Sunday, January 14

Week 341 - Companies in “The 2 and 8 Club” with Strong Global Brands

Situation: You’d like to own stocks that won’t give you heartburn when the market crashes. There are only two ways a company can predictably weather a recession better than others in its industry. By having 1) a clean Balance Sheet (see Columns P-S in any of our Tables) and/or 2) a strong Global Brand. During a recession, consumers will have less money to spend because they’re not making as much. They’ll cut back on frills but keep spending on necessities marketed by companies they respect. Economists call such spending inelastic, and also speak of those companies as having a strong brand. Accountants struggle to define brand value, even though it obviously runs to the billions of dollars for a number of companies, so they call it an intangible asset.  

Mission: Use our Standard Spreadsheet to analyze the 33 companies in the Extended Version of “The 2 and 8 Club” (see Week 329), selecting only those that have a Top 500 Global Brand.

Execution: see Table, where all 21 such companies are ranked by brand value in Column AC.

Administration: We need to know what fraction of sales for each company originate outside the United States. That information should be in every company’s Annual Report but is often missing. Perhaps the reason is that those companies often retain revenues in the country of origin (to avoid double taxation should revenues be repatriated to the USA). But we know that Microsoft, the largest company in this week’s Table, draws more than 60% of its revenues from outside the United States. Over the past 5 years, I have seen two articles estimating that 45-50% of all revenues for S&P 500 companies occur outside the United States.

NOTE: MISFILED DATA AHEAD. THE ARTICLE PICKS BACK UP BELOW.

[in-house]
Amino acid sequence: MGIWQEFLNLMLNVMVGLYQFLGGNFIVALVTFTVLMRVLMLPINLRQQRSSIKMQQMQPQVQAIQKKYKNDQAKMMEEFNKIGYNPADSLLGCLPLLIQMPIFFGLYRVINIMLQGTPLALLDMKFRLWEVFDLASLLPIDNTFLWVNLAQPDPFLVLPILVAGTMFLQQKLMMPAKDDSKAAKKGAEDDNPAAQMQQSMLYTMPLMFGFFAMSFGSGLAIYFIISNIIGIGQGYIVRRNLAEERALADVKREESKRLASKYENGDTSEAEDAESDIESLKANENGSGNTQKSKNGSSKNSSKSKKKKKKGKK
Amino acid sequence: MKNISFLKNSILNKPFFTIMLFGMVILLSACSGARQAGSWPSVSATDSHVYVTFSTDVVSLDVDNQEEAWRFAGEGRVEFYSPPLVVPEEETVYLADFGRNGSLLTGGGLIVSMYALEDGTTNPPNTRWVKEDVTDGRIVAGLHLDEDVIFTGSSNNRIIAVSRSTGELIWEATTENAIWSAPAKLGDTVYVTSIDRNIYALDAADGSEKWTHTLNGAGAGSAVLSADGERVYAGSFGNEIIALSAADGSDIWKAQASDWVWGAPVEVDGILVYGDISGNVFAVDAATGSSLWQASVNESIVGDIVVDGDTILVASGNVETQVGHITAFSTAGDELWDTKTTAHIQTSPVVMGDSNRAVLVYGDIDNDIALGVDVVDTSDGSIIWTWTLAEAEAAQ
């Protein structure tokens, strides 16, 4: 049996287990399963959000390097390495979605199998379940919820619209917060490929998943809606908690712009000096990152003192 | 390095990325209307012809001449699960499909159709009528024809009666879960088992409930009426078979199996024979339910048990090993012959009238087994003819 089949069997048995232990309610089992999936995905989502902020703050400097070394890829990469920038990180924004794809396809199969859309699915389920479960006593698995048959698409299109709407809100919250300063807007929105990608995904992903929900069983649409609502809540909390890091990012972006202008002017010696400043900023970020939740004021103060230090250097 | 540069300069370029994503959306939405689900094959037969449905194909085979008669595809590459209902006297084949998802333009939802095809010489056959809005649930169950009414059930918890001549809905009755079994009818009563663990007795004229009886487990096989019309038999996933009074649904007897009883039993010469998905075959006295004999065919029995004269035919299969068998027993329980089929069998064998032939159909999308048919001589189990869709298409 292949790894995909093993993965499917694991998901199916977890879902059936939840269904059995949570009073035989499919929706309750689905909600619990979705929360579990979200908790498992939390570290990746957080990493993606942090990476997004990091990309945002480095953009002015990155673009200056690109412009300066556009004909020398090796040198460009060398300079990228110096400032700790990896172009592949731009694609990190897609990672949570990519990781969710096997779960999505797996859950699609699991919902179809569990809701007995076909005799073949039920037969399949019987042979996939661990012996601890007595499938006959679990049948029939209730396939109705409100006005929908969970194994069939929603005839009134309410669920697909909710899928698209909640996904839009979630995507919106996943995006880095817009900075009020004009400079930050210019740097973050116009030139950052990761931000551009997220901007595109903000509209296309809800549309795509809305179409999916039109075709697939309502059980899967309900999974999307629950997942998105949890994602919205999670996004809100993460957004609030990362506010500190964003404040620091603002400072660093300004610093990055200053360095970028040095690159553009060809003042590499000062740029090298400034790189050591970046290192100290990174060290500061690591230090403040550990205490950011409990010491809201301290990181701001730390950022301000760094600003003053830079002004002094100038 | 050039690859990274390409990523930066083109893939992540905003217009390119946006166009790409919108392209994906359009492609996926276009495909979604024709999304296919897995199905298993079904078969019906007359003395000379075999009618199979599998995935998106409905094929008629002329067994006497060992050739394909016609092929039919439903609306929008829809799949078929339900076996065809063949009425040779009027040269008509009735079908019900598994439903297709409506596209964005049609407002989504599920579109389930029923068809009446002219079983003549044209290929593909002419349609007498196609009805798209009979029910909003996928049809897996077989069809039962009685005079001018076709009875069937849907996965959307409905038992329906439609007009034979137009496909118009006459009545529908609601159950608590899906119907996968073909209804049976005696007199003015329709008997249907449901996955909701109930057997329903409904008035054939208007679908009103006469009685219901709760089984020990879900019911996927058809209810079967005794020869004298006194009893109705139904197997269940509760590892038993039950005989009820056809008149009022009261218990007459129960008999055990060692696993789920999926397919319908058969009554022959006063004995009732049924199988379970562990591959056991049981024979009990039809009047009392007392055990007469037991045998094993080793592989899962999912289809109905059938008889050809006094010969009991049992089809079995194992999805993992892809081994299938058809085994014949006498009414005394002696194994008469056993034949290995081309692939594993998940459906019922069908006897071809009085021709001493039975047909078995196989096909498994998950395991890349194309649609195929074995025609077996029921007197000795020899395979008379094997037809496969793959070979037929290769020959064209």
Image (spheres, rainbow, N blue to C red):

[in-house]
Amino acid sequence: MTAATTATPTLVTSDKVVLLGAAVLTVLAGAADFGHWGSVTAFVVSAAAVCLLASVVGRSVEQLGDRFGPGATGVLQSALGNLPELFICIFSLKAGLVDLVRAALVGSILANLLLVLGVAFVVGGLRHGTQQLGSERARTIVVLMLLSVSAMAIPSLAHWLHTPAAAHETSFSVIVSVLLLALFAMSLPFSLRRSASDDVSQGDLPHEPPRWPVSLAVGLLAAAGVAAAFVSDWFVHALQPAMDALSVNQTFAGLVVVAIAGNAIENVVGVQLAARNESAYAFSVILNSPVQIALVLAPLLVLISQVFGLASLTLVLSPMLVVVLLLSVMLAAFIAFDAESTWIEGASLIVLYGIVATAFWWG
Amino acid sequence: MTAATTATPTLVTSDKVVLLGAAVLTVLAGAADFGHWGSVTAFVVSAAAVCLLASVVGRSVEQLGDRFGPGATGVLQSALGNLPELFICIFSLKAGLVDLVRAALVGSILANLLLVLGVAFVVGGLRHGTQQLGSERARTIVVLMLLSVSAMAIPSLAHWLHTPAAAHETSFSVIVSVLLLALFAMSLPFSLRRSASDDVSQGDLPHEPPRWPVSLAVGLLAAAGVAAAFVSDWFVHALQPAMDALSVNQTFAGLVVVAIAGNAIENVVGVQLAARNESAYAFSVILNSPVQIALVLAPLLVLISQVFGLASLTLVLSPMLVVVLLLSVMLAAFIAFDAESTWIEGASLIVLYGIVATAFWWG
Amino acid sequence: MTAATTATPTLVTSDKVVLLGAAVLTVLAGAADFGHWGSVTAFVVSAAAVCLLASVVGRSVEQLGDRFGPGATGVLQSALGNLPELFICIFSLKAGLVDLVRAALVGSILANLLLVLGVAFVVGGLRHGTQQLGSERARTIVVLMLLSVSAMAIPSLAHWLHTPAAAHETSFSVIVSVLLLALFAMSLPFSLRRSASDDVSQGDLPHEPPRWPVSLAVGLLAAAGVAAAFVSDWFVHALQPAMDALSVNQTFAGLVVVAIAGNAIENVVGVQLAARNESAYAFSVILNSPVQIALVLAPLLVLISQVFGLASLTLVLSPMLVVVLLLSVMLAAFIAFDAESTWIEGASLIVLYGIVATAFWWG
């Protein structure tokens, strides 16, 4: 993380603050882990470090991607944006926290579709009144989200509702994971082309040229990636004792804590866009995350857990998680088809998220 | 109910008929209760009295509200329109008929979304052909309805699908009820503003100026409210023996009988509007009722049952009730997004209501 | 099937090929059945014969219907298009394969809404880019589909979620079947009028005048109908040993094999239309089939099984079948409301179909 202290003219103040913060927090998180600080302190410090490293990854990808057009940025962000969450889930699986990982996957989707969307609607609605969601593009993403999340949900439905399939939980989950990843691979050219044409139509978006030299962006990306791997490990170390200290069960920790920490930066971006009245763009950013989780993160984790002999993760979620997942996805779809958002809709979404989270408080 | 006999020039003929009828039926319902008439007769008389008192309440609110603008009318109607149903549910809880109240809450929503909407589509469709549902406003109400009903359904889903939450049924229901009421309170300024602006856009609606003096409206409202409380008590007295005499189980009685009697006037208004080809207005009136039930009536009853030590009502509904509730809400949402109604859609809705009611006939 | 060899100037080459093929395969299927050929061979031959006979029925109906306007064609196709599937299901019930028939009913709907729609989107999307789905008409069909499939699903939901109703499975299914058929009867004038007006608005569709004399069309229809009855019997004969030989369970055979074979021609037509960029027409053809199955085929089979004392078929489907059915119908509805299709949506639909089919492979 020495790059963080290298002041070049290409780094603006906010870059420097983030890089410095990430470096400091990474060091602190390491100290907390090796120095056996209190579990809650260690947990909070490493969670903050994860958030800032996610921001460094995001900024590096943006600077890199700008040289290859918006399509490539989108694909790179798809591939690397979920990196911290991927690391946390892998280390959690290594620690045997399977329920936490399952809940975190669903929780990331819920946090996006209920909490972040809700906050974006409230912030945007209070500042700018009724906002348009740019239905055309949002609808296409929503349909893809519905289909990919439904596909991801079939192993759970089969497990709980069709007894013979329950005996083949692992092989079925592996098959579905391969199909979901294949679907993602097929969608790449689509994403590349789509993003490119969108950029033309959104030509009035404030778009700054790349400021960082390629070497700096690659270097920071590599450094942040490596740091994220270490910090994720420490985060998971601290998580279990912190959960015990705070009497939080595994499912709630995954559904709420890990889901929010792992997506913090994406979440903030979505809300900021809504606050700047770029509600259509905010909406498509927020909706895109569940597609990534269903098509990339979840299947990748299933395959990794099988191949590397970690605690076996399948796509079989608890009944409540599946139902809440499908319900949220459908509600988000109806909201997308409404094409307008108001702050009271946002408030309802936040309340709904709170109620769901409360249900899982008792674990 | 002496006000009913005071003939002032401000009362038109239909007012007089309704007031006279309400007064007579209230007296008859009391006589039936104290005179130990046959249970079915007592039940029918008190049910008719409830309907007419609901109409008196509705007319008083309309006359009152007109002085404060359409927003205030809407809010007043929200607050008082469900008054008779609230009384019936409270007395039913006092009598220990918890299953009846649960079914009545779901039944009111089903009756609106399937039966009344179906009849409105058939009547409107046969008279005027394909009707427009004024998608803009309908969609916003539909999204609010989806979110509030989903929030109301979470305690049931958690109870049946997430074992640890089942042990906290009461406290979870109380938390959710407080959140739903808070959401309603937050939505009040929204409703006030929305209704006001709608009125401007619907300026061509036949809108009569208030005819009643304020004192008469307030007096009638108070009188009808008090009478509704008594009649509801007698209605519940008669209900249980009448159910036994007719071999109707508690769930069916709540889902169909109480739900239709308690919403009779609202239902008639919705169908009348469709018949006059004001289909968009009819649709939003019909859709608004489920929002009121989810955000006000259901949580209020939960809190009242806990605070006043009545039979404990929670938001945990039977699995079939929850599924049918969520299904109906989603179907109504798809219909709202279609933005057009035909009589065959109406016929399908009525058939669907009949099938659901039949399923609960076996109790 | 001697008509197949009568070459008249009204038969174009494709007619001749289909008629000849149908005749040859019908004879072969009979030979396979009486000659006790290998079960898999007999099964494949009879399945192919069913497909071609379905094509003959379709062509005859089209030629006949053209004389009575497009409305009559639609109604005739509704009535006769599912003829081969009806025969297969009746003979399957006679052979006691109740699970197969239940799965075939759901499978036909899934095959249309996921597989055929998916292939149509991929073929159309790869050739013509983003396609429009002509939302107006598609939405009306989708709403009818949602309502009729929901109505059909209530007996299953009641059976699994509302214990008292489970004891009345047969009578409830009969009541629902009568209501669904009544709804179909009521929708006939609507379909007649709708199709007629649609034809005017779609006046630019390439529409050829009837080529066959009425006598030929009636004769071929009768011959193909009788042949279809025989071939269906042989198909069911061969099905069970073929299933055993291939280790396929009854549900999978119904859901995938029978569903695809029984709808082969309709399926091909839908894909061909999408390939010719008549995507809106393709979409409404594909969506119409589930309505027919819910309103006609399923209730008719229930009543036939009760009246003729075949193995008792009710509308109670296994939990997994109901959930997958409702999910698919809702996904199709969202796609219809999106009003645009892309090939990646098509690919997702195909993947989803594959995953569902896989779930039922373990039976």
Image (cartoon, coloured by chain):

For you to attempt to own shares in a third or half of the 21 companies on our list (see Table), you’ll need to keep track of two variables: 1) Dividends (Yield & Growth rates), and 2) Global Brand value. Both will change over time. Brand values are easy to follow (see link above). But some companies will mature in their market and no longer be able to grow dividends faster than 8% a year. A company might cut its dividend, in which case it would no longer be listed in the US version of the FTSE Global High Dividend Yield Index. There will also be new members of “The 2 and 8 Club.”

To move in and out of positions as indicated by your research, you’ll have to become an active stock trader. Dollar-cost averaging is still a good idea, but you’ll likely find that an online Dividend Re-Investment Plan (DRIP) doesn’t have the flexibility you’ll require. A recent study of 13 broker-dealers offers detailed information about those that have the low transaction costs and attractive reward programs. Ally Financial (ALLY) is their top-ranked brand.

Bottom Line: There are only two ways a company can insulate itself from a looming recession: 1) maintain a Clean Balance Sheet, and 2) keep making money because of having a strong Global Brand. This week’s Table highlights 21 brand leaders, over half of which have clean Balance Sheets.

Risk Rating: 6 (where 10-Yr Treasury Note = 1, S&P 500 Index = 5, and gold bullion =10)

Full Disclosure: I dollar-cost average into MFST, MMM, IBM, KO and JPM, and also own shares of MO, TRV, PFE, CAT, and TXN.

"The 2 and 8 Club" (CR) 2017 Invest Tune

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